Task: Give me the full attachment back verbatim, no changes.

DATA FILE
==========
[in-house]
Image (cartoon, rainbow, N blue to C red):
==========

[in-house]
Image (cartoon, rainbow, N blue to C red):